Movie Trailer Learning

Checking out my Google Reader feed, I saw this really powerful video of someone sharing the process of moving to Germany and learning the language:

This is what it looks like to learn a language in one year. from Mickey Mangan on Vimeo.

As I watched this and thought about our “Digital Portfolio Project” with Parkland School Division, I wondered how often do we actually have students film themselves and create videos over time of their learning. If you watched the video, the camera used was probably lesss than $200, but, with the power of editing, was able to create something powerful.

I have been a big advocate of actually showcasing the learning process, and through videos like Google’s “Dear Sophie“, you can see the power of documenting growth over time.  As provided in the “Lernen To Talk Show”, the process of learning should be shared a lot more than it is currently. For example, you hear about things like “Genius Hour” and “Innovation Week” but rarely do you see students actually documenting through video, or other multimedia, the process of learning.  It is not only valuable in what we can learn, but what we can inspire (while also teaching students the valuable skill of telling stories through multimedia).

If anyone was planning on taking this on, I would actually suggest giving power to the students and put the camera into their hands, have them document over time, and maybe even do some type of  “movie trailer” of their learning.  It might not tell the whole story, but could tell some of it.  Instead of them simply putting all of the video together and having a long version that hardly anyone will watch all of the way through, make something short, powerful, that showcases the learning.  The video shared above should give someone a good start.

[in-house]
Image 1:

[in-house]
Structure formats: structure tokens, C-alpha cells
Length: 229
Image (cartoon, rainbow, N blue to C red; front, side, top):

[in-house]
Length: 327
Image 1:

If you have anything like this that you have done in your schools, I would really appreciate you sharing it in the comments below.  I would love to see more examples of this coming from students in the work that they do in school.

Ideas Into Action

“Organizations that can access the most brains will win. Its not what you know but how quickly you can access knowledge of others.” Liz Wiseman

There are some really awesome things happening in our schools right now and I just wanted to share some simple ideas that may spark some others.  The interesting part about the work that is happening is that many administrators are looking through social media at what is happening at other schools around the world and implementing them in some fashion within their own schools.  If these educators were not connected, I am not sure that they would be trying these out but they are all very active while also willing to share their work with others both within our division and the entire world.

1. Memorial Composite High School Facebook Page - Facebook is not necessarily an innovative idea nor new to schools, but I was extremely impressed watching the school principal, Shauna Boyce, doing all of the updating and creating of this page, as well as the Memorial Composite Twitter feed.  Now the principal doesn’t have to be the one updating this page, but I know that because of Shauna’s understanding of how this could be used she would encourage and be able to model this for her staff.  Instead of killing innovation because she is scared of “Facebook” (as outlined in this post), Shauna is modelling an effective way she can be using this technology to connect with students.